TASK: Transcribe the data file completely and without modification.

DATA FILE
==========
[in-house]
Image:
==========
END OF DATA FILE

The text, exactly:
[in-house]
Image: